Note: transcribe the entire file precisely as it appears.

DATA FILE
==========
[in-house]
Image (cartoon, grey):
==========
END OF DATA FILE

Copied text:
[in-house]
Image (cartoon, grey):